If you have recently started your own business or are thinking of doing so, you might be overwhelmed by all the documentation you need to do. And it isn't always clear why either which only adds to the confusion. One of such documents—and the most important one at that—is a business plan.
A business plan is the first document you create after you decide to set up your business. It is a roadmap to your business goals—highlighting the essentials needed to achieve them such as your marketing process, financial reports, customer analysis, operational plan, etc.
No matter the industry, every business has to face the volatility of its environment. Luckily, a business plan makes it easier to withstand these market fluctuations by helping you manage resources, maintain uniformity, and secure financial support.
Let’s explore that in detail.
What is the purpose of a business plan?
A business plan serves many purposes. At its core, it’s a guide to your business journey—encapsulating all areas of interest from the inside and out. With a personalized business plan set in place, you can do the following:
1. Test the practicality of your business ideas
If you’re a new entrepreneur, you probably have a ton of ideas in mind for your business but are unsure of how to actualize them. This is where a business plan can help turn your ideas into real projects.
Since business plans are cohesive by design, they help you test out the practicality of your business ideas. It takes you through all the stages of running your business including the resources needed to get started and achieve short-term and long-term goals.
Doing so urges you to think rationally before starting your business venture. This way, you can save time and money by cancelling out the ideas that only seem good in imagination but are unrealistic, unviable, or too risky.
For instance, here are a few basic questions your business plan would cover:
- Which market segment(s) will you be catering to?
- What are the market pain points you are trying to solve?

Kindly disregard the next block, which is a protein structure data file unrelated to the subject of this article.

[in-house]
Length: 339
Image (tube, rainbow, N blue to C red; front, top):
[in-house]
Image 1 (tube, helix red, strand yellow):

- How will you solve it? What’s your product/service?
- Who are your target customers? What’s their profile?
- How much capital do you want to acquire and how?
2. Demonstrate feasibility to investors
Acquiring financial support is one of the biggest challenges of building a business. Whether it’s a bank or a venture capitalist, every investor wants to know the potential and feasibility of your business idea before putting their money in it.
This is precisely why investors require you to submit a business plan answering all their queries. Your business plan acts as evidence that your business idea can survive the competition and risks of the market and generate good ROI.
3. Refine business strategies and tactics
As mentioned before, your business plan is a roadmap designed to help you reach your business milestones. While writing a business plan, you formulate strategies, elaborate how you plan to implement them and mention when you will set them in motion.
A lot of research goes into creating this document. And in the process, you can identify and fix flaws and inconsistencies in your tactics. Doing this beforehand helps you avoid wasting scarce resources. It also helps foresee obstacles and prepare counteractive measures to overcome them.
4. Organize and manage business activities
A business plan includes an in-depth explanation of your business activities and how you will manage them. The format of a business plan includes all the major activities of your company, including:
- Customer analysis
- Market analysis
- Human resources
Your business plan serves as an instruction manual for you and your employees to refer to whenever there’s confusion. Having standardized procedures helps increase consistency and uniformity of operations—making sure things are done according to expectations.
A business plan acts as a guide for your team members in case of your absence.